Synopsis of the Masterpiece Theatre Movie "The Turn of the Screw"

by Roslyn Frenz
The Turn of the Screw features a Victorian-era governess and her potentially possessed charges.

The Turn of the Screw features a Victorian-era governess and her potentially possessed charges.

Jupiterimages/ Images

Masterpiece Theatre's "Turn of the Screw" was adapted from the Henry James novella of the same name. The tale tells of a governess caring for two small children haunted by ghosts. Like the original Henry James story, the Masterpiece Theatre adaptation leaves much of the haunting, and the reasons behind it, to our imaginations. On the surface, the story is a lurid ghost tale, but the subtle undercurrent speaks of the danger of sexual repression in Victorian era England.

Flora, Miles and Miss

A charming bachelor, the "Master," hires the lovely and innocent "Miss," a governess and the main character, to care for his angelic niece and nephew, Flora and Miles. Miss's position in the idyllic, sprawling Victorian mansion seems grand to the impressionable young governess. However, the Master has hired her to replace the previous governess, Miss Jessel, who recently died under suspicious circumstances along with the mansion's former valet, Peter Quint.

The Ghosts of the Lovers

The specters of Jessel and Quint are quick to make their ghostly presences known in a series of phantom visitations to Miss. The school expels Miles because of vaguely described circumstances involving the corruption of other children. Miss learns that while Jessel and Quint were alive, they spent a considerable amount of time with Miles and Flora. As Jessel and Quint were lovers, to Miss this alludes to immoral conduct regarding the children.


The psychological unraveling of Miss is about as terrifying as the haunting of the children. Though only she can see the ghosts, Miss becomes obsessed with protecting Flora and Miles's innocence and purity from the seedy spirits. This obsession grows as the children are not only haunted, but possibly suffer from possession by the spirits. Because Jessel and Quint were also lovers, the impending spiritual possession of the children has very sinister implications.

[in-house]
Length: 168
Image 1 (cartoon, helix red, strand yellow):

Immorality, Repression and Miss's Madness

Miles especially grows more manipulative and mature sounding, essentially hitting on Miss at one point. The governess is uncertain whether the ghosts and possessions are real, or if she is losing her mind. Miss faces the dilemma of how to protect the children from Jessel and Quint and from themselves when possessed by the immoral spirits. The Masterpiece Theatre adaptation diverges from the Henry James tale through more vivid exploration of Miss's sexual repression and possible projection onto the children as the potential culprit instead of actual spiritual possession.

Miss Confronts Quint

Miss sends Flora away from the mansion after she denies Miss's accusation of consorting with Jessel. That evening, while sitting with Miles, Miss sees the specter of Quint. Miss attacks the ghost of Quint, and then turns to Miles to find him dying. The child dies in Miss's arms, and possibly at her hand. The true cause of Miles's death is as speculative as the true nature of the governess' obsession.


About the Author

Roslyn Frenz started writing professionally in 2005, covering music, business ethics and philosophy. Her work has appeared in "Designing Wealth," "The Other Side," "Upstate Live" and many other publications. Frenz has a bachelor's degree in business marketing from the University of Phoenix. She is pursuing an M.F.A. in creative writing.

Photo Credits

  • Jupiterimages/ Images